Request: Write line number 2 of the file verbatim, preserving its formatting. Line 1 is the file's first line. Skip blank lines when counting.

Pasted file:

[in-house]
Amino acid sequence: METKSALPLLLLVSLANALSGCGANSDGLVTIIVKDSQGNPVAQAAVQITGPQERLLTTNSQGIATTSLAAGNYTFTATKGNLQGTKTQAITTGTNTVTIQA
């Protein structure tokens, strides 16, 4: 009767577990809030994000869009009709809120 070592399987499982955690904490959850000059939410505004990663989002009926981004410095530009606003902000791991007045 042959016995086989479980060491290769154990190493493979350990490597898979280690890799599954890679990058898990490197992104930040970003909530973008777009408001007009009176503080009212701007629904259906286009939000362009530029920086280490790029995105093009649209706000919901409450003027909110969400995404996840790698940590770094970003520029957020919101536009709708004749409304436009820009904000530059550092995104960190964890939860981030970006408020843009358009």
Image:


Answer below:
Amino acid sequence: METKSALPLLLLVSLANALSGCGANSDGLVTIIVKDSQGNPVAQAAVQITGPQERLLTTNSQGIATTSLAAGNYTFTATKGNLQGTKTQAITTGTNTVTIQA